Jost later urged people to donate to relief efforts for those who have been affected by Hurricane Florence.
At the end of the show, the band played the SNL closing music as Jost and Che talked over the credits, much like the SNL hosts do when each week’s episode comes to an end. The pair joked that the show ran long, even though it finished pretty close to its scheduled three-hour run time, and apologized to the superstar presenters they didn’t get to, including Beyonce, Bill Clinton and Colin Kaepernick.
Jost and Che are the first duo to host the Emmys since Jenna Elfman and David Hyde Pierce in 1999 and the first current SNL castmembers to host the show since Eddie Murphy in 1983. The “Weekend Update” co-hosts aren’t the show’s only SNL connection, with SNL creator and executive producer Lorne Michaels executive producing the telecast.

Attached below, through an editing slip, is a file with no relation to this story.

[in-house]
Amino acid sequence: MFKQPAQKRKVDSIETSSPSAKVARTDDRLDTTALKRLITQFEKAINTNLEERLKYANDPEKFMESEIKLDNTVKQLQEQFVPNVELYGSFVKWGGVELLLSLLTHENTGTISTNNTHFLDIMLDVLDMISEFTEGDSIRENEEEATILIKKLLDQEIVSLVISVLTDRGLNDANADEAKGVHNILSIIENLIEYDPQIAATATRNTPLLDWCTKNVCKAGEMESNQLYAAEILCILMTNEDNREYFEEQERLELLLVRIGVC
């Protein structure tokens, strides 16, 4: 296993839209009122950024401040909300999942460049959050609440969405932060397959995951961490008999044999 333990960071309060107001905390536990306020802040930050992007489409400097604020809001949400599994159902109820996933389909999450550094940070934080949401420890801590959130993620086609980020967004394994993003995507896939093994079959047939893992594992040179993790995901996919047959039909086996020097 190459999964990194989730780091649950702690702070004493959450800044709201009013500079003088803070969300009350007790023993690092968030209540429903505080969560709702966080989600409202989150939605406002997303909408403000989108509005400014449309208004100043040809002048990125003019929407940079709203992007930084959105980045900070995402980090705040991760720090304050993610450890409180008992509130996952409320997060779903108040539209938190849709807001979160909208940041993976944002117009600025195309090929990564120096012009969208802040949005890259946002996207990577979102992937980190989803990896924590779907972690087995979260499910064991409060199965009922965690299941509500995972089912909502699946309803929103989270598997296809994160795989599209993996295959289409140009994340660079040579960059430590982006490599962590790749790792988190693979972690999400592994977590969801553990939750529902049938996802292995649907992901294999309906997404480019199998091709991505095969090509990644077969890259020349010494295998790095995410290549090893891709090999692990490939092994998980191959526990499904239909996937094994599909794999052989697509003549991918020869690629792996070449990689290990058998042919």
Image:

Jost and Che have gone back and forth on how much of their monologue would consist of political jokes, with Jost telling Vanity Fair, “It is kind of fun for us to do something that is not political. The exciting part is to do things about television and that particular awards ceremony and make it, in general, less political than normal. There’s a lot to celebrate in television right now. It’s a very strong time.”
But, more recently, in a video interview with the Associated Press, Che conceded, “There’s gonna be political jokes and we’re gonna come out on the wrong side of history, for sure. We’re aiming toward it.”
SNL won eight Emmys after earning 21 nominations this year, bringing its all-time nominations total to 252, the most for any series.
The 70th annual Primetime Emmy Awards aired live on NBC.